Monday 4 November 2019

Dodgy Birders - Part 3: Don't Lie. It's Not Worth It.

In parts 1 and 2 we hopefully established two fundamental principles of birding:
  1. Correctly identifying birds becomes important only when birdy gen is shared with other birders. Up until that point, it is perfectly okay to live in a parallel universe where every other bird is a BB rarity; knock yourself out...
  2. Notwithstanding principle #1, all birders make mistakes. Knowing this, all birders consequently are (or should be) very tolerant when mistakes are owned up to.
And now, in part 3, we're going to discuss something that involves a fundamental principle not just of birding, but of life. It is this:

People hate being lied to.

In part 2 we touched on one scenario where there could be a temptation to lie, ie, in order to cover up an embarrassing misidentification. We might call this 'understandable' perhaps, but would never condone it, and any birder caught doing this (or simply suspected of it) is going to have a tough time preventing their reputation from suffering. But in birding, as in life, there are countless opportunities to lie, many of them far less 'understandable' than covering a mistake. Let us examine one or two...

Here's an example from real life. Birder X is doing a regional year list. It's late in the year, and a Leach's Petrel turns up on one of the region's vast reservoirs. Birder X needs it, and Birder X claims to have seen it. And Birder X produces a ropey photo to 'prove' it. Some of Birder X's fellow enthusiasts smell a rat and put this photographic 'proof' to the test. [I am not party to all the gory details but believe Birder X's regional tally was by now under the microscope anyway due to factors other than simply unfeasible hugeness.] Some careful sleuthing reveals that Birder X's photo has actually been nicked off the Internet. The image has been tinkered with too, prior to being presented as his own, which somehow makes it worse.

There is a birding blogger in the US who sometimes writes about this kind of stuff, and with reference to one individual similarly caught using photos fraudulently to back up his 'sightings', put it this way: 'That birder has since been excused from the birding community...'

Very sad.

The obvious question is why on earth would anyone do that?! One can only speculate. To me though, a more interesting question is this: why is such behaviour not tolerated? Really, REALLY not tolerated. After all, each of us is well aware of the various manifestations of human frailty, so can't we just live and let live when something like this happens? The short answer seems to be no. Here's my take on why...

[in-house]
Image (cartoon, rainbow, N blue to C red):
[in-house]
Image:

Because birding is based very largely on trust, and trust is a sacred thing. When another birder tells you they've seen 4 Redstarts and a Pied Fly, you trust them to be telling you the truth. If they rush up to you, all red and breathless, gasping about the Sharp-tailed Sandpiper they've just found down the road, and urging you to come quick... well, you might think 'Ooh, I hope they haven't mucked up a Wood Sandpiper or something', but you don't for a second doubt their sincerity; you trust them in that sense at least. When the county recorder receives a load of seawatching counts from someone, he trusts those numbers to be pretty accurate. When you share your own sightings with others, you expect them to be taken in good faith, to be trusted. In birding we just expect the truth from one another, simple as that.

Therefore, in birding, as in life, betrayal of trust is a cardinal sin. To simply lie to other birders is pretty gross, and they won't tolerate it. In fact they will resent it. Even more so if they realise it is not a one-off.

And what the liars don't seem to appreciate is that resentful folk will seek retribution. That feeling of being taken for a fool will galvanise the most easy-going birders into a remorseless squad of vigilantes, intent on catching and unveiling them for the lying fantasists they are.

There is just a slim chance that someone reading this is thinking: 'Hmmm, he's talking about me. What he's described is exactly the kind of deceitful dodginess I get up to. But I'm careful. I will never be caught'. Well, perhaps you are not aware that they are already very much on to you. If you use social media, they will be taking screenshots of your nonsense and sharing it with one another, gathering evidence, building a case, trying to catch you in a lie. They will be discussing you among themselves and biding their time. Because eventually you will trip up mightily, will be confronted with your birdy crimes, and will be forced to come up with lame excuses like how in your excitement you accidentally posted a photo from a holiday taken six months ago, or accidentally typed 'Icterine' instead of 'Willow', or accidentally let a vindictive hoaxer have all your account passwords and post the stringiest garbage imaginable in your name...

Or maybe you're right, and actually you will never be 'caught' in the fullest sense. Nevertheless, while it may be true that no-one will ever be able to say of you: 'That birder has since been excused from the birding community...', you have already, in effect, excused yourself.

Coming up in part 4 of the Dodgy Birders series: the Birders Who See Too Much


  1. Yes Gav, mistakes of youth apart, one's good reputation is something you only have one shot at.

  2. I am looking forward to part 4, the seeing too much thing is really a local patch concept in my opinion, and thus very very hard to deal with.

    1. Agreed, Jono, very tricky. Patch, and perhaps county/regional level in my experience. Unless, of course, a tiny proportion of birders are perpetually jammy... :-)